By not sharing Matheson’s powerful admonition with the audience, Hollywood dropped the ball so completely that they should have just called the movie something else—because it wasn’t I Am Legend.  It’s not enough that Robert Neville dies—there is a woman and her son who escape to a safe place where the human race is already starting again. Neville—by virtue of the fact that there are other living human beings—actually dies an incomprehensibly foolish death, instead of relinquishing Manhattan as a dead zone, and choosing to survive in order to continue his fight against the virus, but at a safe distance.  It’s inexplicable since, in the book version, the woman who actually appears one day is revealed to be a vampire who has developed a tolerance for sunlight with the help of medication that the vampires themselves have created. She is sent to spy on Neville, and it is discovered to the horror of Neville and the audience that the vampires are far from mindless blood-suckers, and are instead organized, intelligent, and not completely unlike the humans they once were.  The woman is capable of compassion for Neville, and allows him to commit suicide rather than be executed.  Because Neville is immune to the virus that turns folks into vampires, he is now the monster, the Other—that Thing, since day is now night, that hunts them while they sleep—and must be destroyed.

So, now adding to my recent contemplations on fear and the politics of the monstrous, I will add loneliness and despair.  And I will also point out that the above is self-inflicted.  The monsters have arisen, so far, after humans metaphorically shoot themselves in the foot, and then wage war on those same “monsters of repercussion.”  Monsters of repercussion… Very interesting, and I begin to feel like I am closing in on something.  Hmmm….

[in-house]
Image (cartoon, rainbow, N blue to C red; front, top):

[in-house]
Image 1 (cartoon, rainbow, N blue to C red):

Next, I am reading about another monster of human imagination…  Looking at fear, despair, loneliness, life beyond control, moral ambiguity, and becoming the Other, I will be exploring the Werewolf.  My first stop will be Guy Endore’s The Werewolf of Paris, followed by Jonathon Maberry’s The Wolfman.  If I have time, I will look into Stephen King’s Silver Bullet.  Aside from Guy Endore’s book, and several very good short stories from the likes of Alexandre Dumas, Rudyard Kipling, and Edgar Allen Poe, I have not found many what could be considered classics on the topic of werewolves.  That’s odd to me, since all of the other ghouls out there have a place in the canon: vampires, zombie-like creatures, evil aliens, a multitude of ghosts, witches, mad scientists, a host of psychotic murderers, and other metamorphic beings like our naughty Mr Hyde, but werewolves? No so much.  So if anyone knows of any good ones, I’d love to hear from you!

Actually, werewolves scare me, so I will start reading while it’s still light outside. (nervous giggle)